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UK to feature BAME people on coins

After a long running campaign, Britain's currency is set to feature figures from the Black, Asian and Minority Ethnic (BAME) groups on coins for the first time ever.

Updated Jul 27, 2020 07:40 AM

UK to feature BAME people on coins

The Banknotes of Colour campaign has been urging the government to consider featuring non-white individuals on British coins or notes.

A non-white individual has never featured on coins or notes in the UK.

The campaign is spearheaded by former Conservative parliamentary candidate, Zehra Zaidi.

The government's interest is the "culmination" of two and a half years of hard work, Zaidi told The Independent newspaper.

"People from all backgrounds helped build Britain. The 'We Too Built Britain' campaign group wanted to show inclusive history and all the people from all ethnic and social backgrounds and all walks of life who helped build Britain.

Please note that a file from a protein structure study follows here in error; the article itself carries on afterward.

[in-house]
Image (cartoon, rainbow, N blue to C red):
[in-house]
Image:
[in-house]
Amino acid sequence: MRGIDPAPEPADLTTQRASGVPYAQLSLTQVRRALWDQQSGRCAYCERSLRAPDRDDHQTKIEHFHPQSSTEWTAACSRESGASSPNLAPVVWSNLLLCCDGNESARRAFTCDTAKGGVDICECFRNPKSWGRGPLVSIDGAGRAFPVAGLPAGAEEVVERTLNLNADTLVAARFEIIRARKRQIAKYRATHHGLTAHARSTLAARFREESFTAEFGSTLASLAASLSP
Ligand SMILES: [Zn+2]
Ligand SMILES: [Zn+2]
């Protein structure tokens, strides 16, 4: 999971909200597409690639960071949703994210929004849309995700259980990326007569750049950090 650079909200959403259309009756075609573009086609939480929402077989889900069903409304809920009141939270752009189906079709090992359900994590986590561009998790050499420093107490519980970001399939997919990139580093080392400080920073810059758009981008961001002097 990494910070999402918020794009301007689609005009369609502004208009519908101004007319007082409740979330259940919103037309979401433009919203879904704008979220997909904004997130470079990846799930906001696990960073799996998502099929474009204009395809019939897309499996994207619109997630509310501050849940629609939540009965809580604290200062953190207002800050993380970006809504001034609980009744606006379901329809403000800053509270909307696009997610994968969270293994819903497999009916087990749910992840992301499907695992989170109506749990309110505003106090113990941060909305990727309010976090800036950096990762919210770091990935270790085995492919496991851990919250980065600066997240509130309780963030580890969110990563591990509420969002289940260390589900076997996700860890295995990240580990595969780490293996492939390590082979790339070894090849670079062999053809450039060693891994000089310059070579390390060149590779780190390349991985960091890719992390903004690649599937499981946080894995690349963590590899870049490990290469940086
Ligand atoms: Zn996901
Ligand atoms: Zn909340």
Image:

"Notes and coins – if you see Bank of England and Royal Mint websites – are supposed to reflect those who we feel contributed to our history, economy, and culture as a nation.

"Our campaign felt an absolute urgency to acknowledge that ethnic minorities have been part of that conversation and achieved so much. We hope it helps build cohesion, inspires young people and unites us as a nation that we all have an equal stake and contribution in society.

"Unity now is more important than ever, especially given some of the divisions we see online, the divisions we have faced post Brexit. Let's move forward, positively, acknowledging all our contributions," Zaidi added.

Treasury Minister John Glen told The Sunday Telegraph that Chancellor Rishi Sunak is contemplating campaigners' demands to have influential figures from the BAME community featured on a set of coins.

Noor Inayat Khan, a World War II agent; Mary Seacole, British-Jamaican Crimean War nurse; and the first Indian and Gurkha soldiers who were awarded with the Victoria Cross, are potential figures being considered to feature on currency.

The Treasury has encouraged the Royal Mint to draw up suggestions and designs for possible coins.

Glen told the paper that Sunak was "keen to support" the "timely proposal".

"The Chancellor is aware of this. We are obviously supportive and keen to be positive about it, we need to see some firm proposals from the Royal Mint but we are keen for this to happen."

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